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One of the things that can be hard, when choosing to come out to parents, is the fact that you might feel like you have to educate them about gender issues, both on a general level and in terms of your own identity; this can make a process that might already feel overwhelming or stressful even harder to manage. Letting an organization that's dedicated to this sort of education do some of the work for you can take some of that weight off of your shoulders.
Also, it's helpful for parents to have their own source of support in handling a child's gender identity or transition. Of course, you're going to be the best expert in your own identity and what support you specifically need from your family and loved ones, but it might be a big help for everyone involved if you can connect them to some of theseRead more...
My boyfriend for about two years now told me he doesn't feel like having sex. I told him I still do. He says all we ever do is have sex. That's not true. It's frustrating but I want sex and he doesn't. He is going to college this year and I won't see him as much because he will be so far way. Whenever we are to "fool around" he gets all serous and say I don't feel like having sex or no it doesn't feel right even though I am on the pill and we always use perfection. Always. Am I doing something wrong? Is there a way to even get him to have sex with me? I am confused and stressed out. It's been months and I feel like he is pulling away. Help!
Here’s something that happened to me last month: I got asked my preferred gender pronoun.
For those who aren’t familiar, this is a thing that tends to happen a lot at queer-positive conferences and gatherings these days. When you go around the room at the beginning of a session, you’ll say your name, something about yourself, maybe answer an ice-breaker question, and state your preferred gender pronoun.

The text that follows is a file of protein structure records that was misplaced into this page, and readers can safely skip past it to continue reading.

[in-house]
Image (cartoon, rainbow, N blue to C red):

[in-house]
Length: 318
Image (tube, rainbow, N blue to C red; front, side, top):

It can be he/him, she/her, they/their, or one of the newer invented substitutes like ze or hir. Or, you can say you’d prefer to be referred to by your name.
I first encountered this tradition in 2011, I think. Maybe 2010. Most likely it was at a United States Student Association conference. The not-so-radical-anymore idea behind it is that respecting people’s gender identity is important, and volunteering your identity can be awkward, and misgendering someone is hurtful. So rather than guessing, or asking individual people to speak up if their preferences are non-standard or non-obvioRead more...
My boyfriend is transexual and often likes to express it. I'm completely fine with this kind of lifestyle but I find myself becoming nervous/distant when he brings it up too much. How should I become more comfortable with it?
My boyfriend sometimes tells me what I wear is "slutty." I've tried to explain to him that I find this possessive, sexist and objectifying but he can't understand why. When I give up on that argument and try to just tell him that the only thing that should matter to him is that I feel good wearing it, he responds that he doesn't understand why I need to dress "slutty" to feel good. How can I articulate my feelings to him in a clearer way? Should I just compromise and not wear the offending articles (it really is only one or two things in my closet).
So I am 17, and I am a gay boy. I was talking to this guy for a while over the internet, we met, and we both really hit it off. Well one thing that I didn't really notice is how feminine his body was. Well we were texting, and he told me that he was a FTM (female to male) transgender individual. The issue I am having is that I really like this guy, but I don't like females. And while he has a female anatomy, he still acts completely male. So I was wondering what a smart way to experiment, to see if it would work, would be, while at the same time not hurting him. Please let me know... I really like this guy, but hate his body parts.
A little more background: I am a pretty sexual person, so it makes a kind of a big deal to me. I can watch straight porn and enjoy it. I can imagine having sex with a vagina. I never have experimented with a girl. I have always been with boys, and have always acted as the "bottom."